There’s a saying in Spanish here that roughly translates to: “The weather in febrero (February) is loco (crazy), but in marzo (March) it’s even more so.” Well, that’s certainly been the case lately. In this charming mountain town of San Miguel de Allende, Mexico, so far this month we’ve had winds that have tossed the chairs on my azotea (rooftop terrace) around like fallen leaves, days and nights of rain reminiscent for me of the rainforest of Gabon, eye-popping hail that covered my patio with tiny white frozen mothball-like pellets, and snow on the mountains in the visible distance.
This is Mexico?
This is March.
This is an unusual March, according to the news media. Mexico News Daily (www.mexiconewsdaily.com) reported the other day that winter weather had struck in twenty-five Mexican states: “Civil Protection officials described Wednesday [March 9th]’s weather conditions as severe and atypical in at least 25 states, where gusty winds, heavy rain, flooding and overflowing rivers were reported. Conditions were brought on by the simultaneous arrival of the 11th winter storm of the season, cold fronts … and a surada, a humid wind out of the south….”
I also read yesterday that an estimated eleven million monarch butterflies, here in Mexico for the winter, were killed by last week’s cold and snow.
This March has made me think of other Marches I have known. Of the seventy Marches I’ve experienced in my life, most of which predictably “came in like a lion and out like a lamb,” some, like this one this year, have stood out for their atypicality.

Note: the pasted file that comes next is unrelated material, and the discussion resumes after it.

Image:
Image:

In Mali, for example, March falls at the tail end of l’Harmattan, the season when trade winds scoop sand from the Sahara and send it across the West African subcontinent, blindingly, like beige snow, in all directions. As I described this phenomenon in my Mali memoir, How to Make an African Quilt (Nighthawk Press, 2013):
“Angry gale-force winds threw dust and dirt into eyes, nose and teeth, enveloping the skin, encrusting the hair. One soon grew used to sand beneath eyelids, sand in the mouth, sand glued to a sweaty scalp. Open windows and doors invited sand inside the house, where a broom could gather piles of sand, several inches high, every afternoon (p. 38).”
The month of March got its name, they say, from Mars, the Roman god of war. And I must say it seems to me there’s something quite warlike about it. I feel like a foot soldier with no choice but to take orders from above: Just keep marching along. My Malian friends, so admirable in their ability to “endure with fortitude,” used to tell me, “Il faux supporter” — one must accept.
But extreme weather always makes me think (as I march along): How much is natural and how much is due now to climate change? And then my mind leaps to: What can I, as one small foot soldier, do about it?
Along these lines, I read an excellent Op-Ed essay in the New York Times yesterday titled “What Weather is the Fault of Climate Change?” The author, scientist Heidi Cullen, is also the author of the book The Weather of the Future, which I’m inspired to march right out and buy. Perhaps it will give me a new direction.